IIP Points India’s Industrial Production Weak in July
The IIP – Index of Industrial Production data released by the Central Statistics Office showed output at factories, mines and utilities has grown marginally at 0.1% in July compared to -1.8% in the previous month. Poor show by manufacturing, mining and capital goods sectors, reflecting weak economic activity add to the woes of IIP pressure. Capital goods output, seen as a key indicator of future investment, slumped 5% in July against a contraction of 13.7% in the same month a year ago. The pace of industrial expansion was slower than a forecast of 0.3% growth in a Reuters poll. In June, output contracted 1.8%. Growth in factory output, as measured by the index of industrial production (IIP), was 3.7% in July last year, and 6.1% in the April-July period in 2011-12. The manufacturing sector, which constitutes over 75% of the index, witnessed a contraction in output by 0.2% in July, as against growth of 3.1% in the same month last year. The data was more evidence that the problems afflicting Asia’s third largest economy are far from over. GDP has grown 5.5% or less in the last two quarters, a far cry from the 7-8% growth seen in the preceding period.
The performance of the manufacturing sector in April-July was poor as output contracted by 0.6%, as against a growth of 6.5% in the four-month period of last year. The output of capital goods contracted in April-July period by 16.8%, as against a growth of 8.2% in 2011-12. Mining output dipped in July by 0.7%, against a growth of 0.7% on A Year-on-Year Basis. The sector’s production in April-July quarter declined by 0.9%, compared to a growth of 0.6% in 2011-12. Consumer goods production was up 0.7% in July as compared to 6.4% growth in the same month last year. During the April-July period of this fiscal, the growth in the segment was 3.3%, compared to 4.9% in the four month period a year ago. Capital investment in the economy grew a meagre 0.7% in the quarter ending in June from a year earlier. Capital goods output has grown only once in the past 11 months. Structural woes are also stoking inflation, which has barely dipped below 7% in nearly three years. Headline inflation probably picked up to 6.95% in August from 6.87% in July. A senior Congress party leader told Reuters that party chief Sonia Gandhi had yet to decide on cutting subsidies on fuel, seen as the most urgent move to tackle a swelling deficit. With the manufacturing Purchasing Managers’ Index (PMI) easing to a nine-month low in August, the outlook for the sector does not look promising.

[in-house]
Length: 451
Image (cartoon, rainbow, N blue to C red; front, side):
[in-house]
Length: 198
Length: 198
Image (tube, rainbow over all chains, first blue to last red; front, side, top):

Equity Markets soar despite Weak IIP numbers on Global Cues:
A positive verdict from the German Constitutional Court gave a new lease of life to global as well as domestic markets. Indian Equity Market benchmarks made the most of the positive mood and the BSE Sensex soared past the 18,000 mark, recording a six month high closing. The Nifty too moved above the 5400 mark, ending the day at 5431. The domestic environment too looks pretty good with the monsoon picking up and FII flows to India increasing over the past couple of months.